By using the above methods, the rate constants for most organic reactions can be obtained.

**DETERMINING ACTIVATION ENERGIES**

By
using the above methods, the rate constants for most organic reactions can be
obtained. Rate constants, by virtue of the fact that they relate directly to
the passage of reactants over the barrier of the rate-determining step, can be
used to probe the energy and structure of the activated complex. The energy of
the activated complex corresponds to the height of the activation barrier for
the rate-determining step. The barrier height can be calculated by the
Arrhenius equation

In
*k*_{rate} = - E_{a}/*RT*

where
*k*_{rate} is the rate constant
of a reaction, *R* is the ideal gas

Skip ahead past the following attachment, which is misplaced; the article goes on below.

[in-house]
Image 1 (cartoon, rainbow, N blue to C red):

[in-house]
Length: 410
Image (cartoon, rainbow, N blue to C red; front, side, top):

constant, and *T* is the absolute
temperature. The Arrhenius activation energy *E*_{a} is determined from plots of ln *k* versus 1/*T* at various
temperatures and largely corresponds to the enthalpy of activation since *E*_{a} = ΔH^{± }+ *RT*. The enthalpy and
entropy of activation and hence the free energy of activation are determined by
the Eyring equation

where
*k* is Boltzmann’s constant and *h* Planck’s constant. Plots of ln*(k*_{rate}*/T ) *versus 1/T give straight lines with slope – ΔH^{±}/R and
intercept ΔS ± /R −* *ln(k/ h). Each
can be numerically evaluated to give ΔH^{±}, ΔS^{±}, and
finally* *ΔG^{±} by ΔG^{±}
= ΔH^{±} − TΔS^{±}.

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